Obviously the “if” was not in her notes; but after she checked the audio, she realized that indeed the “if” was missing in the answer.  This changed the meaning of the answer.  We notified opposing counsel of the error, and of course he disputed this newfound information.

After several phone calls and emails back and forth, the matter was thankfully resolved.  Our reporter obviously made an error, since the “if” was clearly heard on the audio.  There really was no dispute as to what the correct answer should have been.  Corrected transcripts and electronic files had to be resent to all involved.

This reminds me of another very experienced and qualified reporter, an RDR, who was challenged because of the word “a” in her transcript.  I forget the specifics of this example because it happened quite awhile ago.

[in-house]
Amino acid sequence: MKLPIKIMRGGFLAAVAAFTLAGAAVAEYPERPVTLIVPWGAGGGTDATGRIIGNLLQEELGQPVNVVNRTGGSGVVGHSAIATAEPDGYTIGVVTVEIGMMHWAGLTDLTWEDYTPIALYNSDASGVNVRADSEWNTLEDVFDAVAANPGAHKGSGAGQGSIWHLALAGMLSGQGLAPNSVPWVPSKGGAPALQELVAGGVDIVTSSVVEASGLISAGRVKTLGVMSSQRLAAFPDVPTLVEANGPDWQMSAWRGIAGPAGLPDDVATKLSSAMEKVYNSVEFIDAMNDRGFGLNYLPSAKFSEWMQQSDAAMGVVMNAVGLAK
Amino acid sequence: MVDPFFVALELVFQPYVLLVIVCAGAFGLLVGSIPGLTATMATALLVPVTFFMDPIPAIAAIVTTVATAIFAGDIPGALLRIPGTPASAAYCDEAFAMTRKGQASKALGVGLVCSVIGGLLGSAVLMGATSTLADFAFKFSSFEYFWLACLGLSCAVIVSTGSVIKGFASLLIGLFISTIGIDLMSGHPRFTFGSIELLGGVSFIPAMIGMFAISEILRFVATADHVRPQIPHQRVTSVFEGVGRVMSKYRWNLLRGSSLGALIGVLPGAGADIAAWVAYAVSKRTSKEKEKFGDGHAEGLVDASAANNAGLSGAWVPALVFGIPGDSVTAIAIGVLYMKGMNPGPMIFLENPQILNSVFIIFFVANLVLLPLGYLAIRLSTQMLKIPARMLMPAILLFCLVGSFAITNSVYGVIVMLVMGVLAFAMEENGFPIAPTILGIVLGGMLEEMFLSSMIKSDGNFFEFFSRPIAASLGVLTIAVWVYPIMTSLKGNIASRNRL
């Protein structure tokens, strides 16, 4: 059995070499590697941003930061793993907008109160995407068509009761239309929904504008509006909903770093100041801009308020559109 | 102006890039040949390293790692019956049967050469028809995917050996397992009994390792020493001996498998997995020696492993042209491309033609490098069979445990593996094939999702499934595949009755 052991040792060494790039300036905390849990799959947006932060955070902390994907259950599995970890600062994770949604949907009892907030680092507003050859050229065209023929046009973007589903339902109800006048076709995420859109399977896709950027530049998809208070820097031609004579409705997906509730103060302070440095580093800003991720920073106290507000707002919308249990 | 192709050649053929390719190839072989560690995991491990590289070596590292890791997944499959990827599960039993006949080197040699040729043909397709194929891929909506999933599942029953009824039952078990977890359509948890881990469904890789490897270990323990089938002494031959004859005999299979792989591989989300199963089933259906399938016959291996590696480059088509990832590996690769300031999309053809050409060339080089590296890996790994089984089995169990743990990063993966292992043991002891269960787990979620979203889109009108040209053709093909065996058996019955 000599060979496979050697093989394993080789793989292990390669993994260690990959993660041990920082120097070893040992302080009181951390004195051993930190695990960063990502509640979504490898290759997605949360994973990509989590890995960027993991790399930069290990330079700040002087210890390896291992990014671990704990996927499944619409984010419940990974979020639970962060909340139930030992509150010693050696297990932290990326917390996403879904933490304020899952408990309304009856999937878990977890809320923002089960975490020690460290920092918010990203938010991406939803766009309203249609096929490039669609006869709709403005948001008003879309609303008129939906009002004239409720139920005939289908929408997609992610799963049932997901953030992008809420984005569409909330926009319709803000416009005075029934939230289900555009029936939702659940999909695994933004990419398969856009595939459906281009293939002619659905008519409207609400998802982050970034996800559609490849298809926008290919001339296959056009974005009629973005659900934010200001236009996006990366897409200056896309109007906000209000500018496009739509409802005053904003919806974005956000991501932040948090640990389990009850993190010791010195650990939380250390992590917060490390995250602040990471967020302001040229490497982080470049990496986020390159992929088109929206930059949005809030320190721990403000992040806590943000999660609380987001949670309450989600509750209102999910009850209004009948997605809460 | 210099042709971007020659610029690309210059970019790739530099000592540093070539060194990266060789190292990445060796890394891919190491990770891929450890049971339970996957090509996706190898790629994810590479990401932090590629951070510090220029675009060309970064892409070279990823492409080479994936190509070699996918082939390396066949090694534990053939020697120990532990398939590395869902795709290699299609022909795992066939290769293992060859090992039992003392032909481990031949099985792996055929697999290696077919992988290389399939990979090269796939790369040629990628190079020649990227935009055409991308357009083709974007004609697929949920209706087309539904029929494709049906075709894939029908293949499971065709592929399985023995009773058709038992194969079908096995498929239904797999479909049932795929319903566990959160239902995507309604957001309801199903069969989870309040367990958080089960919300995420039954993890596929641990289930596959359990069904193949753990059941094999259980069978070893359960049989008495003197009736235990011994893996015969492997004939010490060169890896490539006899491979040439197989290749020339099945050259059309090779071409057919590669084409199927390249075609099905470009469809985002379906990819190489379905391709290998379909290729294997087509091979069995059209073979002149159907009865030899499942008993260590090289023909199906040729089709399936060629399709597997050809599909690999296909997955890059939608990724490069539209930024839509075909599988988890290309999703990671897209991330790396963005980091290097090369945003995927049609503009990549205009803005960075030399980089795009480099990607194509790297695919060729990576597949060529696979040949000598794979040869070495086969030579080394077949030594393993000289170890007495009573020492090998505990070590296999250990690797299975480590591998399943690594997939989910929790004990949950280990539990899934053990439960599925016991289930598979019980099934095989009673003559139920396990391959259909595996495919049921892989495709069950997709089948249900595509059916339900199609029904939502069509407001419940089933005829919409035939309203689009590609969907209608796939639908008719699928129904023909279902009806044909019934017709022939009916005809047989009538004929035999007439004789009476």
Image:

The point of all this is that sometimes it’s the smallest of words that can cause the biggest problems.  Think of all the words the reporter correctly took down that day, 200 pages worth.  She missed just one, but it was a very consequential one.  If it can happen to her, an RMR, CRR, it can happen to anyone. 

As students, you are acutely aware of this.  Each time you miss a word during testing, however small, it counts as an error.  In a testing situation the word “if” carries the same weight as a multisyllabic word. 

Of course we are only human and mistakes do happen.  Unfortunately in our line of work, it’s our mistakes that jump off the page, not the thousands of words we write correctly.  Unbelievably, on very rare occasions, 99.999 percent accuracy is sometimes not good enough.

To further emphasize just how critical the little words can be, please take a moment to read the article about a capital murder case that got rejected by the Supreme Court due to a discrepancy between the words “may” versus “must.”

“Your smile is your logo, your personality is your business card, how you leave others feeling after having an experience with you becomes your trademark.” ~ Jay Danzie ~